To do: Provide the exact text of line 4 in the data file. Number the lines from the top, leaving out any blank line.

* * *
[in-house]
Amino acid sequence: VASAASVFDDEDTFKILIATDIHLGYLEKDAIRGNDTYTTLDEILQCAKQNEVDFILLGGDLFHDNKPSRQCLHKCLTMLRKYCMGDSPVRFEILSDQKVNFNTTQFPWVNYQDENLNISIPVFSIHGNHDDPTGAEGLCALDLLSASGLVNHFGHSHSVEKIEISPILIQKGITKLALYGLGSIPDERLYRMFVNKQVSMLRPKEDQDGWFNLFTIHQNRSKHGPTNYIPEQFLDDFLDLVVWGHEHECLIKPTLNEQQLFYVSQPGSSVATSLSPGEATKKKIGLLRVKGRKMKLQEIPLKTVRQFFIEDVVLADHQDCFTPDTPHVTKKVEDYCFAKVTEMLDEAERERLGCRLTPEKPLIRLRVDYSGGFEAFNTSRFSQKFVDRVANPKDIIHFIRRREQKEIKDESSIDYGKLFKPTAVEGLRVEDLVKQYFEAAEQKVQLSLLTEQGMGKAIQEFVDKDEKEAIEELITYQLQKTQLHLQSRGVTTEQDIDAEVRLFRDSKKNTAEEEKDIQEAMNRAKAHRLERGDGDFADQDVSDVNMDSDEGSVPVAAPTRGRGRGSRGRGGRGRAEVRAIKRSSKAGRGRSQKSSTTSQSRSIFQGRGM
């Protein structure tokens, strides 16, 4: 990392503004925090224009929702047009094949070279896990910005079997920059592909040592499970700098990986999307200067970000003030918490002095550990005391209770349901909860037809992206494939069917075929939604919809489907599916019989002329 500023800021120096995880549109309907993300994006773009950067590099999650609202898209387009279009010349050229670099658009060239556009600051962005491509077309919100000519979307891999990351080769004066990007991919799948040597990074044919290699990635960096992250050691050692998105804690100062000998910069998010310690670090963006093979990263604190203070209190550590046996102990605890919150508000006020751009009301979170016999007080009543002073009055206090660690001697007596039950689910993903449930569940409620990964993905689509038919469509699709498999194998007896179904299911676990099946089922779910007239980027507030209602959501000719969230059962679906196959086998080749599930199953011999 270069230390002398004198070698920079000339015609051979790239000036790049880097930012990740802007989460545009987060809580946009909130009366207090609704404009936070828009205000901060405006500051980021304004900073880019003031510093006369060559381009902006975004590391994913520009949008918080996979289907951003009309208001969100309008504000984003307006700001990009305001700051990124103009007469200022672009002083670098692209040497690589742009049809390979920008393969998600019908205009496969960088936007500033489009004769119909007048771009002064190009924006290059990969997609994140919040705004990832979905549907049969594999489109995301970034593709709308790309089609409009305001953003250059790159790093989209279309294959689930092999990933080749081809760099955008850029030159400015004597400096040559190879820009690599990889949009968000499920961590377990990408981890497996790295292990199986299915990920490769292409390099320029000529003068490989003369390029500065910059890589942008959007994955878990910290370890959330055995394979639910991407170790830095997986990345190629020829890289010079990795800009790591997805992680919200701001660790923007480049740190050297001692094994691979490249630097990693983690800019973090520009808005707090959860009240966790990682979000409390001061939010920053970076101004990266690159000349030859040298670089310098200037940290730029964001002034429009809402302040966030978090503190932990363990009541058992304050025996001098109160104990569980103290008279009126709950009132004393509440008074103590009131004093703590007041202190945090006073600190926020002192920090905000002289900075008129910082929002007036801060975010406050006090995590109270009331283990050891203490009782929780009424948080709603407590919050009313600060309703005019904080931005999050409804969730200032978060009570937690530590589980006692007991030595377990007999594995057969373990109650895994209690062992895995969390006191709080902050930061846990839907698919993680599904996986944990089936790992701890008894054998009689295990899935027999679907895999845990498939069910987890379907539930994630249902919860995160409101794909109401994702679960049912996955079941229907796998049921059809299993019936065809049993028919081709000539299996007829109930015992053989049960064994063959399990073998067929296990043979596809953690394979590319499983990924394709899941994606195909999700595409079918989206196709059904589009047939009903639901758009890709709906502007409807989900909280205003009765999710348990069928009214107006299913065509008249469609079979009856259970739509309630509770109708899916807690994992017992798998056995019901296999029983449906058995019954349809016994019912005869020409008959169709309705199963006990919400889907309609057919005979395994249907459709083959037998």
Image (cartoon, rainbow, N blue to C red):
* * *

Image (cartoon, rainbow, N blue to C red):